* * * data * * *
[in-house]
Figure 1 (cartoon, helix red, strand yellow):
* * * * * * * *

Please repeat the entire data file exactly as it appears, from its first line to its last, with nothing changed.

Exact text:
[in-house]
Figure 1 (cartoon, helix red, strand yellow):